Of all the official systems established among the Greeks, that in vogue among the Athenians is the best known to us. The qualifications for public office at Athens were genuine Athenian descent, blameless life, and the full possession of civic rights. If religious duties were attached to the office, physical weakness was a disqualification. No one was allowed to hold two offices at a time, or the same office twice or for a longer period than a year. The nomination was made in some cases by election, in others by the drawing of lots. Election took place by show of hands in the ecclesia, or, on the mandate of the ecclesia, in the assemblies of the several tribes. (See CHEIROTONIA, ECCLESIA.) In election by lot [on the introduction of which see Note on p. 706) the proceeding was as follows. The Thesmothetoe presided in the temple of Theseus. (See THESMOTHETAe.) Two boxes or vessels were placed there, one containing white and coloured beans, and the other the names of the candidates, written on tablets. A tablet and a bean were taken out at the same time, and the candidate whose name came out with a white bean was elected. Before entering on his office (whether he had been chosen by lot or election), every official had to undergo an examination of his qualifications (dokimasia). If the result was unfavourable, a substitute was appointed, either by a simultaneous casting of lots in the manner described, or (if the office was elective) by a new election. During their term of office the officials were subject to constant supervision, and were liable to suspension or deposition by the Ecclesia, through the proceeding called epicheirotonia (a new show of hands). On the expiration of his term, every official was bound to give an account of himself (euthyna). The regular officials, had each a place of office (archeion). If the officials formed a society, as in the majority of cues, the business was (so far as joint administration was possible) distributed among the members. If the society appeared in public as a whole, one of the members presided as prytanis. (See PRYTANIS.) In the cases at law which came under their jurisdiction, it was incumbent on the officials to make the necessary arrangements for the trial, and to preside in court. They received no salary, but their meals were provided at the public expense, either at their residences or in the Prytaneum. The emblem of office was a garland of myrtle. The offence of insulting an official in the performance of his duty was punishable with atimia. (See, for details, APODECTAe, ARCHONTES, ASTYNOMI, EPIMELETAeE, COLACRETAe, POLETAeE, STRATEGI, TAMIAS.) There were numerous attendants on the officials (hyperetai), who received a salary, and their meals at the public expense. Such were the clerks (grammateis) and heralds (kerykes). For Sparta, see EPHORS for Rome, MAGISTRATUS, ACCENSI, LICTORS, APPARITOR.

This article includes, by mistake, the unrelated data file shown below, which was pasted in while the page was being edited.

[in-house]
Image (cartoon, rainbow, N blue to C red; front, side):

A Greek philosopher; a native of Apamea, in Syria, born about 135 B.C., from his later place of residence generally called the Rhodian. He was the most distinguished pupil of the Stoic Panaetius, whose instruction he enjoyed at Athens, and the most scientific and most learned among the later Stoics. After an extended scientific journey in western Europe, he accepted the direction of the Stoic school at Rhodes, where he took part in public affairs with such success that his follow citizens made him prytanis, and in 86 sent him as envoy to Rome. From this time he remained in continual friendly intercourse with Romans of distinction, especially Cicero and Pompeius [Cic., Ad Att. ii 1 § 2, Tusc. Disp. ii 61]. He died at the age of 84. His literary labours were very extensive. Besides numerous philosophical treatises, he composed mathematical and astronomical writings, and a great historical and geographical work in 52 book as a continuation of Polybius. [He is frequently quoted by Strabo, e.g. pp. 147, 182, 215, 269, 757.] The substance of the Tactics of his pupil Asclepiodotus seems to have been derived from his discourses. (See Cicero, De Natura Deorum, ed. J. B. Mayor, 11, p. xvi ff.)